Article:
Elaine Bowker: How some employers are abusing the Apprenticeship Levy
Writing for LBN, the principal of the City of Liverpool College Elaine Bowker urges companies across the city region to use the apprenticeship system to offer genuine opportunities to young people
Apprenticeships have become a vital part of the economy and employment market and more school leavers than ever before are opting to go down the training route.
Last year to support this, the Government introduced the Apprenticeship Levy, requiring all employers operating in the UK, with an annual pay bill of more than £3m, to pay a 0.5% levy on their tax bill.
The levy was introduced to encourage employers to offer apprenticeships in meeting their skills, workforce and training needs. The UK has been falling behind the rest of the G7 on productivity and developing apprenticeships can play a key part in tackling this and bridging the skills gap.
For businesses, the levy is an opportunity to have a root and branch review of their structure, re-think their approach to workforce development and further grow their business. So, it’s disappointing to learn that some are abusing the system, relabelling low-skilled jobs as apprenticeships and gaining subsidies for training.
This defies the objective of the Levy and apprenticeships in general, which are designed to provide opportunities to people who are eager to learn and develop their careers, as well as helping businesses nurture the talent they need to grow.
As the biggest college in the city, here at the City of Liverpool College, we aim to help young people from all backgrounds gain experience in their chosen profession. We work closely with some of the biggest and best employers in the region to ensure our students get the most out of their experience by teaching them the advanced skills required to work in their chosen industry.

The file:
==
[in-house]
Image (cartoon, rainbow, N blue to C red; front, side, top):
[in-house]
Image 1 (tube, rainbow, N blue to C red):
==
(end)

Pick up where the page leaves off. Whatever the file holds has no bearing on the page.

The employers we work with look for students with passion and an appetite to learn on the job, to help create an industry of young, employable professionals.
We have some great partnerships across a range of sectors and we are proud to be delivering the skills the city region needs by offering training and support for employers around the impact of the reforms and the introduction of the apprenticeship standards
The very best firms are the ones who have a motivated, highly skilled and trained workforce. A successful apprenticeship scheme should instil a strong work ethic, professional pride and high expectations into the participants, as well as encouraging extra-curricular activities for personal development.
Apprenticeships and training of the very highest calibre play a vital role, not just for businesses here in Liverpool, but also for the region’s economy as a whole to help people and businesses thrive, and I would encourage our region’s businesses to consider how they could benefit.
Our talented people, with their desire and determination to learn, hold the key to boosting businesses in the region.